'COVID effect' will be a 'transformational moment on Madison Avenue forever': Brand guru Gary Vaynerchuk

Melody Hahm
·West Coast Correspondent
·4 min read

As advertising budgets get slashed amid the coronavirus pandemic, brands across all industries are taking a hard look at the campaigns they’re investing in — many of which have paused production and taken alternative routes to make an ad.

Forrester Research predicted in July that ad spending will decline by 25% this year and won’t fully recover until at least 2023, but ad executive and brand guru Gary Vaynerchuk says the pandemic could create a permanent shift away from stuffy, old-school advertising.

“[These agencies] accustomed to big productions on TV, and then doing matching luggage to that TV spot on digital for the last decade were wrong, or at least wildly overpriced. They can't waste it the way they've been wasting it especially in 2019, 2018 and 2017,” the VaynerMedia CEO told Yahoo Finance in an interview aired during the All Markets Summit conference on Monday.

But the shift away from overly priced productions will go “beyond the COVID effect,” according to Vaynerchuk, whose company is a full-service digital agency offering a portfolio of services spanning strategy, creative, paid media, influencer, and production work.

"Mad Men" star Jon Hamm stands beside the wardrobe he wore as the character "Don Draper" during a donation ceremony at the Smithsonian National Museum of American History in Washington March 27, 2015. The museum accepted a donation of more than 50 artifacts from the AMC program "Mad Men" to represent mid-century advertising history as part of their  "American Enterprise" exhibition which opens this summer.  REUTERS/Kevin Lamarque
"Mad Men" star Jon Hamm stands beside the wardrobe he wore as the character "Don Draper" during a donation ceremony at the Smithsonian National Museum of American History in Washington March 27, 2015. The museum accepted a donation of more than 50 artifacts from the AMC program "Mad Men" to represent mid-century advertising history as part of their "American Enterprise" exhibition which opens this summer. REUTERS/Kevin Lamarque

“I mean, this will be a transformational moment on Madison Avenue forever,” he said.

‘Lucky is the only word I can use’

For his part, Vaynerchuk says he has a mix of clients who weren’t hurt by the pandemic, at least in the short-term, including Procter and Gamble (PG), Pepsi (PEP) and Kraft (KHC), and financial services like JPMorgan Chase (JPM).

“We weren't in airlines or hotels...so we got lucky is the only word I can use. Our client mix was very benefited by COVID to be honest, in the short term. Our clients are much more worried about making more of their stuff than anything else,” he said. Still, VaynerMedia was not immune to the coronavirus-triggered economic downturn. The agency laid off 5% of its workforce in April and another 2% in September.

AUSTIN, TX - MARCH 10:  Gary Vaynerchuk speaks onstage at the Sound Ventures Tech Competition, PerfectPitch, at SXSW at Hotel Van Zandt on March 10, 2018 in Austin, Texas.  (Photo by Joe Scarnici/Getty Images for Sound )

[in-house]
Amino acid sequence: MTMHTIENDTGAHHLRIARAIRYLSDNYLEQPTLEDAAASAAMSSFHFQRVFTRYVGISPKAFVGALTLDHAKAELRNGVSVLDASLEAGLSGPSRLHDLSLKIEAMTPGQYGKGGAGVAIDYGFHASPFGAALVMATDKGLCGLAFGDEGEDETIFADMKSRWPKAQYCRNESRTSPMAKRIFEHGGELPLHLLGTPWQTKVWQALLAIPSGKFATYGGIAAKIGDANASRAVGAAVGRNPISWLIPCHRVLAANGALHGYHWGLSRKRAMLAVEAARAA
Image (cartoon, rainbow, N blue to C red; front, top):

AUSTIN, TX - MARCH 10: Gary Vaynerchuk speaks onstage at the Sound Ventures Tech Competition, PerfectPitch, at SXSW at Hotel Van Zandt on March 10, 2018 in Austin, Texas. (Photo by Joe Scarnici/Getty Images for Sound )

“Let there be no confusion...this is a big deal. In Madison Avenue land, the cat is out of the bag. People are starting to understand the shift toward digital media and creative together for business results versus TV and reporting. And Nielsen's and Miller Brown. And it was a very ugly world for truth behind marketing spend. And I think it's starting to flesh out or at least the early stages that will manifest over the next decade,” he said.

‘A perfect storm of disasters’

The traditional advertising industry has been beleaguered for years. In August 2017, WPP, the world’s largest agency, warned that there could be zero annual revenue growth. (The actual number came in at 0.89%.) Growth has remained anemic since.

“It’s a perfect storm of disasters that advertisers have to navigate. It’s different from anything that has ever come before,” Jeff Goodby, co-founder of Goodby, Silverstein & Partners, told the Wall Street Journal this month.

Meanwhile, eMarketer had forecasted 17% growth in digital ad spending in the U.S. for the year 2020, with e-commerce leading the way. After the pandemic hit, the firm revised its forecast to 7.5%. Just this week, shares of Snapchat (SNAP) hit an all-time high after handily beating analyst expectations on both the top and bottom lines for the third quarter. The company posted $679 million in revenue — which mostly comes from selling ads — representing a 52% year-over-year increase.

This performance suggests that advertisers are leaning into digital and away from traditional advertising like TV.

“People have thrown out yesterday and have opened their eyes to today a.k.a. the biggest brands in the world that we work with are starting to understand that paying $600,000 for a production to run on television might not be the best use of their money,” Vaynerchuk said, “and have leaned into e-com. DTC [direct to consumer], and content and media being together in digital channels to drive business results.”

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Melody Hahm is Yahoo Finance’s West Coast correspondent, covering entrepreneurship, technology and culture. Follow her on Twitter @melodyhahm.

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